Morse Code Jewelry – for Kids!
Morse code jewelry is popular in craft fairs, pintrest, and esty shops, but your kids can make their own Morse Code Jewelry at home. It’s fun to wear something that most people won’t understand at first. Somehow it makes your jewelry more fun. You can write your name in Morse Code, “I Love You,” or you can write something special to you. Here are some instructions for making your own Morse code jewelry using cheap pony beads and yarn.
First, here is the Morse Code Chart. Print this out.
Next, decide what you want your necklace to say. It can’t be too long or you will have a really long necklace. One to four words is usually plenty. Write it down on some paper, and write the appropriate Morse Code symbols (using the key you printed) like this:
My Pony Beads came in one big tub all mixed up, so really your next step is to pick two colors and sort these from the rest. Choose one color to be for your code and the other to be the spacing between dots, dashes, letters and words. For your youngest, it might help to lay out the beads on the paper so they know what order to string them (In the picture below, I ran out of space, so the ‘O’ and ‘E’ are on the bottom row for Love, and the O is on the bottom row for You). Older students can figure out the code and string at the same time.
For pony beads, use this strategy. Color A (pink in the example): 1 bead is a dot, 2 beads is a dash. Color 2 (green in the example): 1 bead to separate dots and dashes, 2 beads to separate letters and 3 beads to separate words.
Cut a long piece of yarn (approx 3 feet)
Tie a bead of color B to your string to give your little one a starting point (so all the beads don’t fall off). Thread on 4 more of color B. Then begin treading your message using the strategy described above (color A for your dots and dashes and color B to separate the dots, dashes, letters, words)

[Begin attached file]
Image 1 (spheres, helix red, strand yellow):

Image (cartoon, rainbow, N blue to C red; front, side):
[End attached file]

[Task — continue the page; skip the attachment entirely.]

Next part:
TIP: If your yarn is fraying, wrap some tape around the end, so you have an imitation shoe lace end. (Did you know those are called aglets?)
Keep treading your message. When you’ve finished, tread 5 more of color B at the end, and you can tie your last bead in place. Tie the two ends together at whatever length suits you.
This is what you end up with for an “I Love You” necklace!
If “I Love You” is too long, or you have lots of kids, consider just making bracelets. Here is an “Eva” bracelet on a pipe cleaner:
If your kids have long names, just do initials. Pipe cleaners are perfect for your preschooler who is still refining his/her fine motor skills! Follow the same rules as above, except you can change the number of beads before and after your message to fit your wrist. Twist the pipe cleaner together at the ends, and tuck the pointy ends into the last bead and trim.
Change your colors,bead shapes, or messages and have fun learning Morse code while making jewelry!